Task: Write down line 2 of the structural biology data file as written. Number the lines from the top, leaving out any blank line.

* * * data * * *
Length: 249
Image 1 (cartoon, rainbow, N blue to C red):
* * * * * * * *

Image 1 (cartoon, rainbow, N blue to C red):